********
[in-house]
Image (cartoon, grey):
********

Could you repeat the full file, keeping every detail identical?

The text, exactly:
[in-house]
Image (cartoon, grey):